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Presented as part of the Past Futures film program

Her (2013)

Spike Jonze

As Her slips into an inevitable melancholy, it becomes less about trans-humanity and more about, well, humanity.”

– The Irish Times

Her postulates a world in which romantic love can exist between humans and AI objects.

In Spike Jonze’s futuristic romance, Theodore (Joaquin Phoenix), a lonely and heartbroken writer, becomes captivated with his computer’s new operating system – a uniquely intuitive entity called Samantha (Scarlett Johansson), and a tender relationship develops between them.

Far from being a passive and compliant computer, Samantha is a seemingly organic and loving creature that gives Theodore the connection he is so deeply searching for. She also has no physical form, just a disembodied voice. Rather than examine the science behind how this can be, Jonze’s film instead asks questions about our inclination to fall in love through contactless connection. We can’t help but think of the countless instances of this phenomena happening every day on the internet, where people meet and fall in love with each other’s avatars, not knowing anything of their background or the totality of their lives. Such love is so realistically depicted in Jonze’s masterpiece (for which he also wrote the screenplay) in all its messy, contradictory and painful guises.

Past Futures curatorial notes —
What futures were past filmmakers imagining for our present world? And did those sci fi prophesies come true? All dreamers and designers start from a place of deep imagining.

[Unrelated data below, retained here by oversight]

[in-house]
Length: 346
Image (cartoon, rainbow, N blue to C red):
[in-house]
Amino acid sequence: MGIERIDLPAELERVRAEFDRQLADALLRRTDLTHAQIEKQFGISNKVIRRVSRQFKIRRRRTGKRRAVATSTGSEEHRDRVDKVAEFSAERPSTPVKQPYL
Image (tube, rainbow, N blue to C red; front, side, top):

In Past Futures we look at imagined dystopias and utopias that made their way into the collective conscious – into the design of now – and consider what might be in the making to come.

In our selection of sci fi visionaries, some classic, others populist, and still others perhaps idiosyncratic, we look away from the stuff of shiny space wars, and towards a survey of the social, political, technological, environmental, interpersonal and existential prophesies dreamed onto the cinema screen over the last century. To paraphrase Roger Ebert, these films offer “an arsenal of images for imagining the world.”

What worlds were filmmakers of the past envisioning for today? Which of these past-futures have materialised in shades of our lived realities? What do modern utopias and dystopias look like? Can cinema help us collectively design a world we want to see?

In curating this series my co-curator, Michelle Carey, and I considered the future worlds that filmmakers were envisioning in the past. In our selection you’ll find distinct visions from pasts that vary in length from way back to cinema’s silent beginnings, to just a moment or two ago.

The curated titles awakened a curiosity in us by way of each film’s aesthetic and philosophical design, some quixotic and wildly ambitious, others comparatively domestic while still suggesting a collective turn in consciousness or new ways of seeing and being. Our present is very much felt and reflected in these past futures.

What future visions are we projecting on screen, now?

Ghita Loebenstein
Creative Producer, The Capitol

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Presented by The Capitol as part of Melbourne Design Week 2021, an initiative of the Victorian Government in collaboration with the NGV.





126 minutes




Spike Jonze


Drama, Sci-Fi, Romance




MA 15+



Joaquin Phoenix
Amy Adams
Scarlett Johansson

Producers: Spike Jonze, Vincent Landay, Megan Ellison
Cinematography: Hoyte Van Hoytema
Editing: Jeff Buchanan, Eric Zumbrunnen
Music: Arcade Fire
Art Direction: Austin Gorg
Production Design: K.K. Barrett
Costume Design: Casey Storm